WASHINGTON, U.S. – The U.S. Department of Agriculture’s “Coffee: World Markets and Trade” report pegs world coffee production for CY 2018/19 at a record 174.5 million bags, up 15.6 million from the previous year. Brazil is forecast to account for nearly all the gain as its Arabica crop enters the on-year of the biennial production cycle and Robusta continues to rebound.
Record world exports are forecast, largely on the strength of Brazil.
Although world consumption is forecast to rise by a modest 3.3 million bags to a record 163.6 million, ending stocks are expected to rebound sharply by 7.1 million bags to 37.1 million.
Against this backdrop, coffee prices as measured by the International Coffee Organization (ICO) composite price index have dropped over 10 percent in the last year.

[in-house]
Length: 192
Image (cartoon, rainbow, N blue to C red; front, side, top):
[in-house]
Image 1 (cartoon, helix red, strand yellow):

Brazil’s Arabica output is forecast to surge 8.4 million bags above the previous season to 46.9 million, with over 80 percent of output coming from regions with trees in the on-year of the biennial production cycle.
Good blossoming between September and November 2017 was followed by ideal weather during the fruit-set and fruit development period in Minas Gerais and Sao Paulo.
Although Parana and the southeast of Minas Gerais are in the offyear of the biennial production cycle, the drop is expected to be less intense than average. Robusta production is forecast to continue rebounding, gaining 4.1 million bags to 16.5 million.
Favorable temperatures and abundant rainfall boosted yields in the three major producing states of Espirito Santo, Rondonia, and Bahia.
Also, expansion of clonal seedlings and improved crop management techniques are expected to aid this year’s gain. The combined Arabica and Robusta harvest is forecast up 12.5 million bags to a record 63.4 million.